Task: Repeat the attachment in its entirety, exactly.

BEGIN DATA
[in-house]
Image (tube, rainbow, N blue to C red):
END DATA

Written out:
[in-house]
Image (tube, rainbow, N blue to C red):